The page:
The bad part is that many users are registered on one platform but not the other.
6. Platform-specific concepts- Different social sites have different reasons why you may not be seeing favorites.
Tumblr- I think many have abandoned it, but mostly it is ruled by very cartoon styles (like Calarts) looking very much like Cartoon Network animation, and most users are female. If your style isn't this exactly, don't bother.
Twitter-Twitter is a big subject. Art world famous doesn't compare to total world famous. On Twitter you are not only competing for attention with your own fans and your own heroes, but you are
competing with the big name celebrity rappers and actors. Beyond that, it is not an image-only platform, and images are very much the minority compared to text tweets. It's just too big of an ocean. You need to gain a fanbase on other sites first. Probably not until you are really well known and getting regular work, so then what is the point of trying to attain fame when you are living comfortably?
Deviantart- DA is getting harder to understand by the minute. My likes and views are a small fraction of what they were five years ago. I think I've gotten more skillful since then. Definitely communication matters
here. Posting in groups and doing fanart seems 100% necessary in my mind, as I get almost nothing on original art, usually literally 0 likes. Hastags are completely useless on this site. Many times group
administrators make it hard to get things done, especially as many times they completely abandon the group, as they are not usually artists and eventually lose interest. DA has a noticeable bias towards liking
anime, again likely (definitely) to teenagers.
Instagram-This one is huge on the algorithm. Since it is connected to Facebook,(which was why I didn't use it for years until recently) advertising is a big deal for that site, and they are going to steer towards the big names to make money. You are also in a huge ocean here, competing with the big world fame. Hashtags are an absolute must just to get a small amount of likes. compared to the 0 likes that my images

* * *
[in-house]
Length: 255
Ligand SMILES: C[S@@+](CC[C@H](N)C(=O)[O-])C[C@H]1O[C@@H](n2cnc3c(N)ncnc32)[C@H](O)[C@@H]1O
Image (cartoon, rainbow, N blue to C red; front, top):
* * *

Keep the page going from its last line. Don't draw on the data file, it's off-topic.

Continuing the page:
get on twitter ten on IG seems amazing. The upside to this concept is that once you do get well known your business/popularity will benefit more than it would otherwise and grow faster.
Artstation- Artstation is the easiest of all to understand. Are you world famous? Are you one of the best artists in the world? No? Then don't bother with Artstation. It will only crush your soul. If an artist is good enough to be remotely successful there then they are already so well known that there is no point in them even making the account. It is strictly a very professional portfolio site that limits your interaction with
other artists in an effort to promote harmony between users. Only post your very best work and be extremely careful what you comment to people.
Many of these things are out of our control, and it's frustrating, but I detail these ideas in the hopes that it will make you feel better that it's probably not your fault, and that you're better than you think you are.
Feel free to tell me what you think about these ideas. They are only my theories and by no means am I ready to defend any of them to death, and therefore there can be no arguing etc. Especially comment if you have any ideas to add to this.